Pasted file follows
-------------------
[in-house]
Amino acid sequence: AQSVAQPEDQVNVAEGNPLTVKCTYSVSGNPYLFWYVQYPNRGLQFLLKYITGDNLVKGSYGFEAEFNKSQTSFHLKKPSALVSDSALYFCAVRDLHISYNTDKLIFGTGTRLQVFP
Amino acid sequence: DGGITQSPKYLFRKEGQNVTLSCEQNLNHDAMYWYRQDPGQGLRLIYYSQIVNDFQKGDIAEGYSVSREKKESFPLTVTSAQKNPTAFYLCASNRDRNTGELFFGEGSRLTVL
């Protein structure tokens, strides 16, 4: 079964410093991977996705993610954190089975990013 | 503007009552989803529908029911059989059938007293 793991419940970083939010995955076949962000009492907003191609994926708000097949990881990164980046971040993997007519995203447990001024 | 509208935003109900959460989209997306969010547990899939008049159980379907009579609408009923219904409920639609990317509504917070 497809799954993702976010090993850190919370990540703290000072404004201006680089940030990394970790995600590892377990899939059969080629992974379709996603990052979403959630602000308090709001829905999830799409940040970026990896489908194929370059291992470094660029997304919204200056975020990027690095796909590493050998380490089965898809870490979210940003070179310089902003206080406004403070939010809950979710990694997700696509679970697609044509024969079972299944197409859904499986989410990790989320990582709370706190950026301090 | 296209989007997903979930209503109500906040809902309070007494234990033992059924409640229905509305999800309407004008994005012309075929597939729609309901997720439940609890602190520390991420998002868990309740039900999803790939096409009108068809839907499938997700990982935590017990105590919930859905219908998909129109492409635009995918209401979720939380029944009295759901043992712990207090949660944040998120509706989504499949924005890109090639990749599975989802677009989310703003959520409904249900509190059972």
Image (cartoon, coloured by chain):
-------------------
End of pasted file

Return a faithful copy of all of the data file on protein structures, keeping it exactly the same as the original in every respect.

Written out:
[in-house]
Amino acid sequence: AQSVAQPEDQVNVAEGNPLTVKCTYSVSGNPYLFWYVQYPNRGLQFLLKYITGDNLVKGSYGFEAEFNKSQTSFHLKKPSALVSDSALYFCAVRDLHISYNTDKLIFGTGTRLQVFP
Amino acid sequence: DGGITQSPKYLFRKEGQNVTLSCEQNLNHDAMYWYRQDPGQGLRLIYYSQIVNDFQKGDIAEGYSVSREKKESFPLTVTSAQKNPTAFYLCASNRDRNTGELFFGEGSRLTVL
């Protein structure tokens, strides 16, 4: 079964410093991977996705993610954190089975990013 | 503007009552989803529908029911059989059938007293 793991419940970083939010995955076949962000009492907003191609994926708000097949990881990164980046971040993997007519995203447990001024 | 509208935003109900959460989209997306969010547990899939008049159980379907009579609408009923219904409920639609990317509504917070 497809799954993702976010090993850190919370990540703290000072404004201006680089940030990394970790995600590892377990899939059969080629992974379709996603990052979403959630602000308090709001829905999830799409940040970026990896489908194929370059291992470094660029997304919204200056975020990027690095796909590493050998380490089965898809870490979210940003070179310089902003206080406004403070939010809950979710990694997700696509679970697609044509024969079972299944197409859904499986989410990790989320990582709370706190950026301090 | 296209989007997903979930209503109500906040809902309070007494234990033992059924409640229905509305999800309407004008994005012309075929597939729609309901997720439940609890602190520390991420998002868990309740039900999803790939096409009108068809839907499938997700990982935590017990105590919930859905219908998909129109492409635009995918209401979720939380029944009295759901043992712990207090949660944040998120509706989504499949924005890109090639990749599975989802677009989310703003959520409904249900509190059972």
Image (cartoon, coloured by chain):